The objective of JE vaccination is to protect individuals at high risk of exposure during travel or in the course of their occupation. Guidance on the employer’s responsibility under Control of Substances Hazardous to Health (COSHH) Regulations is described in Chapter 12.

Primary immunisation

Infants under two months of age

There are no safety or efficacy data on the use of IXIARO® in children under two months of age. IXIARO® is not usually recommended in children under two months of age in the UK.
IXIARO® is licensed and recommended for the following age groups.

Children aged two months to under 36 months of age

The recommended vaccine schedule is two doses of IXIARO®: 0.25 ml on days 0 and 28. Full immunity takes up to one week to develop after the second dose.

Children aged three years to 17 years

The licensed vaccine schedule is two doses of IXIARO®: 0.5ml on days 0 and 28. Full immunity takes up to one week to develop after the second dose.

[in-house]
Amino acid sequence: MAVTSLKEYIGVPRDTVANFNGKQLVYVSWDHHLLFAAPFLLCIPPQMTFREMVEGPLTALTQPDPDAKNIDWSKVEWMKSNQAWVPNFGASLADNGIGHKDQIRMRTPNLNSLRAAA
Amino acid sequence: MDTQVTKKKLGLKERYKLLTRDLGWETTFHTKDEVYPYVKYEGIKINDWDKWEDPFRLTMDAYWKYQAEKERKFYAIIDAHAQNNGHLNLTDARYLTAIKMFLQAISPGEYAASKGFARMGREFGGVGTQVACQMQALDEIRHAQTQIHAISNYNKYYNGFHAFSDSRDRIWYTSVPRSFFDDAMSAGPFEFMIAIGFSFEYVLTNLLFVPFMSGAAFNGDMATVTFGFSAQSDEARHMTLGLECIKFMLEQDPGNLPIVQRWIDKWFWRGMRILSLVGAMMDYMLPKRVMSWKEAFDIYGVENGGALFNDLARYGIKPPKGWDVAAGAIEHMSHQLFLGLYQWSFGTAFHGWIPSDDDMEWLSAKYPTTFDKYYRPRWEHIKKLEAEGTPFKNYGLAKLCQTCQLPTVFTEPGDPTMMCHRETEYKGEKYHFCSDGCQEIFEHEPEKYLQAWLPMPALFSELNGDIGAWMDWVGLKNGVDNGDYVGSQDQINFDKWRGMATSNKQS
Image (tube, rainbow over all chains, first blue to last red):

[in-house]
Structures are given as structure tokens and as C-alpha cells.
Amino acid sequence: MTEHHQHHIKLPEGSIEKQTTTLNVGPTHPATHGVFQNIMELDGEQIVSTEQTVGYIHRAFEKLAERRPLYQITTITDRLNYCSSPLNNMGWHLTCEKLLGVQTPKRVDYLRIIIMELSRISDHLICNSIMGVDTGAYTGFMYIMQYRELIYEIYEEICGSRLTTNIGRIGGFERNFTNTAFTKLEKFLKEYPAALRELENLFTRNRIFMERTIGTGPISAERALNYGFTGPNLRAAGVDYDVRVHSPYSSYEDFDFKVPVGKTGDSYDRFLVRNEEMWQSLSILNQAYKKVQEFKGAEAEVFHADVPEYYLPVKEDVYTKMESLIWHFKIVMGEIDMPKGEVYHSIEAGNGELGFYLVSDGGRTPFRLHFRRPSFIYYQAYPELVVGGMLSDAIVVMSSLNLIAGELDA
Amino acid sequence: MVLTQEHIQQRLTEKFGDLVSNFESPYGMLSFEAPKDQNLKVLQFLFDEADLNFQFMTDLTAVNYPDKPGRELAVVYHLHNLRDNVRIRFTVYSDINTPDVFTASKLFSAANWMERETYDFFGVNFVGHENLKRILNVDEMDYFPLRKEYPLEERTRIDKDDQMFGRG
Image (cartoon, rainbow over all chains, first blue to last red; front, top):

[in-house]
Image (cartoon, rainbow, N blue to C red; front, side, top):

For those aged 12–17 years, the rapid schedule of two doses of IXIARO® 0.5ml on days 0 and 7 can be used off-license in circumstances where there is insufficient time to complete the licensed schedule prior to travel.

Adults 18 years and older

The standard vaccine schedule of two doses of IXIARO® 0.5ml on days 0 and 28. Alternatively, a rapid schedule of two doses on days 0 and 7 can be used.

Reinforcing immunisation

Adults at continuous risk of acquiring JE, e.g. laboratory personnel and long-term travellers who expect to reside in JE endemic areas for appreciable periods of time, should receive a booster dose at 12–24 months after primary immunisation. Adults who have had a previous course of any Japanese encephalitis vaccine can receive a single dose of IXIARO® as a booster. There are no data to permit recommendations for boosting in infants and children below 18 years or for longer term boosting in adults. However, should sustained protection be needed in infants or children a booster may need to be considered. Recommendations will be made by the JCVI relating to any further boosters needed for IXIARO® as soon as the necessary data becomes available.

Travellers and those going to reside abroad

All travellers should undergo a careful risk assessment that takes into consideration their itinerary, season of travel, duration of stay and planned activities. The risk of JE should then be balanced against the risk of adverse events from vaccination. JE vaccine is recommended for those who are going to reside in an area where JE is endemic or epidemic.